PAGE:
CCM opens season with a wide-ranging Italian program
The Chicago Chamber Musicians opened their new season leading from strength as committed performers who put variety, drama and adventurous repertoire to the fore.
Sunday evening’s concert at Nichols Concert Hall began with bravura. The two-trumpet concertos by Vivaldi and Franceschini were meant for the large and resonant space of a Baroque church where the heroic sonority and flashy interplay of the two soloists can be enjoyed at full strength. The bright but unresonant acoustic of Sunday’s venue was confining and the agile soloists’ sound (Charles Geyer and Barbara Butler) proved a little overwhelming with the strings reduced to a quartet with continuo.
The familiar Vivaldi (the only trumpet concerto he ever wrote) is a guilty pleasure of a piece and the Franceschini—written a generation earlier than the Vivaldi, but sounding very like it—was dispatched stylishly by the ensemble including Joseph Genualdi and Baird Dodge, violins, Li-Kuo Chang, viola and Clancy Newman, cello.
Singer Jazimina MacNeil and pianist Meng-Chieh Liu were featured in the ensuing, rather lengthy vocal and piano section, which featured material from the lightweight to the extraordinary.
The former were some Victorian songs by Sir Paolo Tosti, which are much beloved by singers as vocal showcases, and by audiences as musical gems. The songs were chosen from the most familiar, starting with the flowing La Serenata and including the martial rhythm of Marechiare and the drama of Non t’amo piu. MacNeil possesses a rich mezzo-soprano voice and a versatile dramatic style, which she tailored to each song: light for the Tosti songs and Rossini’s La Regata Veneziana, dark for Respighi’s epic Il tramonto.
Respighi’s remarkable piece hovers in the back pages of repertoire both in its original version with string quartet and in an orchestrated transcription. The string quartet version in the hands of this group of musicians was a fascinating artifact brought to vivid life.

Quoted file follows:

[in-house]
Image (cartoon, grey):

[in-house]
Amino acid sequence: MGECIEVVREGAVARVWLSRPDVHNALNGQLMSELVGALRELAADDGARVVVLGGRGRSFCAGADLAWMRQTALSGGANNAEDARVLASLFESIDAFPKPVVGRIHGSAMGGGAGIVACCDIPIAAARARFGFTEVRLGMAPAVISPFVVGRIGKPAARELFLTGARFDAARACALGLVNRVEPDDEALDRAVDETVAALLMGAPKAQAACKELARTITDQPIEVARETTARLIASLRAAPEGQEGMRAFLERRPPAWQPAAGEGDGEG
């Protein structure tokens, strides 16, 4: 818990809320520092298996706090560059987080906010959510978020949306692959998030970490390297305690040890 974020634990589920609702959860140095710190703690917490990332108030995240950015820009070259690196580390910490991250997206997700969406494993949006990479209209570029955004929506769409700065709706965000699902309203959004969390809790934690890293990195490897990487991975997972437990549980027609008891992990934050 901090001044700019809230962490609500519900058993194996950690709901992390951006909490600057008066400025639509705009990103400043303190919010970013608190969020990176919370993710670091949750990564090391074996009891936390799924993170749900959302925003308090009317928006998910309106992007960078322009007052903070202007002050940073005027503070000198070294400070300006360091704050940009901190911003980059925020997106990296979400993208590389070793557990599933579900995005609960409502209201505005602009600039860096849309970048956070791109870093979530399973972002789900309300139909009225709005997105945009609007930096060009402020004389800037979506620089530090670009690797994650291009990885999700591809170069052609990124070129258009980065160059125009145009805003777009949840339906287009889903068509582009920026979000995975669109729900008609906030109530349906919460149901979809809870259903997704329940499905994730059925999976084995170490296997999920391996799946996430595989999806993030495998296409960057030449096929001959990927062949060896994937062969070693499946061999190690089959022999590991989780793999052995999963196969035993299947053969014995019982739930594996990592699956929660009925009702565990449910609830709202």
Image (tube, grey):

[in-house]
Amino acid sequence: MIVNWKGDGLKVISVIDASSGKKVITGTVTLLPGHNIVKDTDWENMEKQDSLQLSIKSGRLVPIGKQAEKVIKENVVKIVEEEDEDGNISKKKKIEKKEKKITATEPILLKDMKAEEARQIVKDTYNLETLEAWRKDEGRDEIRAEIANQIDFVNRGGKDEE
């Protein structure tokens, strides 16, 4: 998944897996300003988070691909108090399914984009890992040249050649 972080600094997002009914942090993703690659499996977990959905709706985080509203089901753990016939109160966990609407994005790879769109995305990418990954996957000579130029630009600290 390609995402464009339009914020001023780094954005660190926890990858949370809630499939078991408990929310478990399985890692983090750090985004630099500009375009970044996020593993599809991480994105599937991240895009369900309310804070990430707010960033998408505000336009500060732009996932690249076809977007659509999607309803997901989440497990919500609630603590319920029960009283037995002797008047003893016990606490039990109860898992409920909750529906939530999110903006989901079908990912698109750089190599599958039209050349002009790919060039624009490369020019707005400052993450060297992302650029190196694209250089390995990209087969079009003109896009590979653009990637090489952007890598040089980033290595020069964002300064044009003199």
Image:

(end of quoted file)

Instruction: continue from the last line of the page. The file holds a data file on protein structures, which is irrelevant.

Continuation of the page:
Il tramonto (The Sunset) is the composer’s response to an unearthly poem by Shelley. From the gripping first chord struck by the string quartet to the long, dwindling but hopeful instrumental coda, the tragic poem about death, love and mystical aspiration is illustrated and enhanced by the flowing music of the composer. The vocal line is one with the quartet and here MacNeil’s drama and color rose to the occasion. The instrumentalists, especially the viola and cello, were also dramatic and rich-toned throughout. This was a performance to remember.
Also one for the memory banks was the rough-hewn but invigorating attack on Verdi’s unique instrumental masterpiece. This String Quartet from a composer at his peak has so much to offer in its lyricism, drama, rich harmonics and virtuosic demands: the first movement, gripping yet formal; the second with its waltz-like theme casting a spell over all; and the last two movements joined together in escalating speed and dynamism leading to a driving finale, which all the instrumentalists dug into with gusto. The whole piece lasts little more than twenty minutes but the artists managed to draw as much drama from it as a small-scale opera.
The program will be repeated 7:30 p.m. tonight at Gottlieb Concert Hall at Merit School of Music. chicagochambermusic.org
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